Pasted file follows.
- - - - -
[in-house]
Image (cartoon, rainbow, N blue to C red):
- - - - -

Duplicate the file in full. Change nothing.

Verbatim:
[in-house]
Image (cartoon, rainbow, N blue to C red):